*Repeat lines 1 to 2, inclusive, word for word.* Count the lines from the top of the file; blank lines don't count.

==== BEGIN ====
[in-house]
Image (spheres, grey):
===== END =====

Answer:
[in-house]
Image (spheres, grey):